April 23, 2001 |
Philadelphia's only school of public health had been open for just two years when it lost its first dean in the fiery crash of Swiss Air Flight 111 off the coast of Nova Scotia in 1998. Then came the watchdogs from Drexel University, who took over management of the foundering school after its parent company, Allegheny health systems, declared bankruptcy. "The School of Public Health was losing a couple million dollars a year when we took it over," recalled Constantine Papadakis, Drexel's president.
March 4, 2010 |
Delaware County residents will be able to see the full results of the study done by the Johns Hopkins Bloomberg School of Public Health by the end of next week, officials said yesterday. A public meeting will be scheduled by mid-April. "We just want to do a little bit of homework before we go into a public meeting to make sure everyone [on the County Council] understands the contents of the study," Council Chairman Jack Whelan said. The county is trying to arrange for the lead Johns Hopkins investigator and members of the county Health Advisory Board to attend the public meeting, he said.
April 28, 1989
"On a typical day in Philadelphia," begins the recently released Pew Charitable Trusts report on public health in Philadelphia, "six babies are born to adolescent mothers; eight infants are delivered who weigh less than 5.5 pounds, and there are 29 reports of child abuse. "On a typical day," it continues, "49 people are admitted to a publicly funded treatment program for drug or alcohol abuse (21 of them for cocaine); 12 new gonorrhea cases are diagnosed in teens, and two new cases of AIDS are reported.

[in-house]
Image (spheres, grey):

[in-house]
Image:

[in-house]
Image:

April 24, 1991
In the city with the country's worst outbreak of measles, only two City Council members bothered to show up last week to hear City Health Commissioner Maurice Clifford deliver his austerity budget request. Two members - Council President Joe Coleman and Councilman John Street. They heard the health commissioner say that cuts would cause the waits for doctor's appointments at some clinics to grow by six weeks. That means, in many cases, a total wait of nine weeks. Not for measles shots, particularly.
April 26, 2010 |
Three years ago Shoshanna Goldin underwent treatment at Children's Hospital of Philadelphia for a brain tumor that was strangling her vestibular nerve, making walking difficult. The tumor was benign, but it took Goldin three years to recover. She had to learn to walk again. The tumor left behind another lasting effect: a burning desire to help others by unraveling medical mysteries. Goldin, 17, who lives in Allentown and is a junior at Moravian Academy, is one of two high school students in the area who pursued everyday health questions to the finals of the Young Epidemiology Scholars Competition, which ended Sunday in Washington.
May 23, 1989